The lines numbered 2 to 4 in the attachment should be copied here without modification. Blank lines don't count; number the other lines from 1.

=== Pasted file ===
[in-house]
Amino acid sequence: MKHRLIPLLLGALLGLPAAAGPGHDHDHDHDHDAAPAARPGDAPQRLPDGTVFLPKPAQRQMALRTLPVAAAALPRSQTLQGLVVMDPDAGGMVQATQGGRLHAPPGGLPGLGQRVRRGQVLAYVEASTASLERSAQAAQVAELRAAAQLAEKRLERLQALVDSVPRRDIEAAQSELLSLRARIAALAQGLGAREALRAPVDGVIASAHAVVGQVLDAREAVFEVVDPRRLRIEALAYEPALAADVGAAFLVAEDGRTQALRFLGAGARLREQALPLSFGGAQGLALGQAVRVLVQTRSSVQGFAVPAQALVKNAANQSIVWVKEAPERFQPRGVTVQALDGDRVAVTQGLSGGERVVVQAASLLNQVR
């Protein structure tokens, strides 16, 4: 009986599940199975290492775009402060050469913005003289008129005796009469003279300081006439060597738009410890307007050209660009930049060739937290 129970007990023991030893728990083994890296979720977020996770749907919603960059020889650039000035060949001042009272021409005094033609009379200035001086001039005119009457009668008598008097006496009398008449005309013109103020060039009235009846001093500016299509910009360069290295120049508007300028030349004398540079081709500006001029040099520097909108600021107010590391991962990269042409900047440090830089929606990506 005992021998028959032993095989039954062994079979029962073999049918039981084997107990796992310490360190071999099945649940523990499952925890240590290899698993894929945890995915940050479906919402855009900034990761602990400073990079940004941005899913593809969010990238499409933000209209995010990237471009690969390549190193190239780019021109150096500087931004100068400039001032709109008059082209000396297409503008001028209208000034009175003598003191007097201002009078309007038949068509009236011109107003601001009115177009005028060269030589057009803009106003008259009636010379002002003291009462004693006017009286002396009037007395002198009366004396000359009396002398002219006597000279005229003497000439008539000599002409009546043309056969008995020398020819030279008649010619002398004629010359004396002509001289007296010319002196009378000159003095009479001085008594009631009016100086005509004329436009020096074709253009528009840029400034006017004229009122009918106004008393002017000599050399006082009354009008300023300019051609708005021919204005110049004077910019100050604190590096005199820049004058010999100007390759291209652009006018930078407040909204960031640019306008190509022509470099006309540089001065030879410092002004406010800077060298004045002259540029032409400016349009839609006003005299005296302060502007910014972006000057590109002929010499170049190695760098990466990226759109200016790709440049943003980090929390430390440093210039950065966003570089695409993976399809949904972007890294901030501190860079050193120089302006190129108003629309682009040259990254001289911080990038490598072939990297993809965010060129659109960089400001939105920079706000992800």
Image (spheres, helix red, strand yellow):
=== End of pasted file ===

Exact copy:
Amino acid sequence: MKHRLIPLLLGALLGLPAAAGPGHDHDHDHDHDAAPAARPGDAPQRLPDGTVFLPKPAQRQMALRTLPVAAAALPRSQTLQGLVVMDPDAGGMVQATQGGRLHAPPGGLPGLGQRVRRGQVLAYVEASTASLERSAQAAQVAELRAAAQLAEKRLERLQALVDSVPRRDIEAAQSELLSLRARIAALAQGLGAREALRAPVDGVIASAHAVVGQVLDAREAVFEVVDPRRLRIEALAYEPALAADVGAAFLVAEDGRTQALRFLGAGARLREQALPLSFGGAQGLALGQAVRVLVQTRSSVQGFAVPAQALVKNAANQSIVWVKEAPERFQPRGVTVQALDGDRVAVTQGLSGGERVVVQAASLLNQVR
């Protein structure tokens, strides 16, 4: 009986599940199975290492775009402060050469913005003289008129005796009469003279300081006439060597738009410890307007050209660009930049060739937290 129970007990023991030893728990083994890296979720977020996770749907919603960059020889650039000035060949001042009272021409005094033609009379200035001086001039005119009457009668008598008097006496009398008449005309013109103020060039009235009846001093500016299509910009360069290295120049508007300028030349004398540079081709500006001029040099520097909108600021107010590391991962990269042409900047440090830089929606990506 005992021998028959032993095989039954062994079979029962073999049918039981084997107990796992310490360190071999099945649940523990499952925890240590290899698993894929945890995915940050479906919402855009900034990761602990400073990079940004941005899913593809969010990238499409933000209209995010990237471009690969390549190193190239780019021109150096500087931004100068400039001032709109008059082209000396297409503008001028209208000034009175003598003191007097201002009078309007038949068509009236011109107003601001009115177009005028060269030589057009803009106003008259009636010379002002003291009462004693006017009286002396009037007395002198009366004396000359009396002398002219006597000279005229003497000439008539000599002409009546043309056969008995020398020819030279008649010619002398004629010359004396002509001289007296010319002196009378000159003095009479001085008594009631009016100086005509004329436009020096074709253009528009840029400034006017004229009122009918106004008393002017000599050399006082009354009008300023300019051609708005021919204005110049004077910019100050604190590096005199820049004058010999100007390759291209652009006018930078407040909204960031640019306008190509022509470099006309540089001065030879410092002004406010800077060298004045002259540029032409400016349009839609006003005299005296302060502007910014972006000057590109002929010499170049190695760098990466990226759109200016790709440049943003980090929390430390440093210039950065966003570089695409993976399809949904972007890294901030501190860079050193120089302006190129108003629309682009040259990254001289911080990038490598072939990297993809965010060129659109960089400001939105920079706000992800």
Image (spheres, helix red, strand yellow):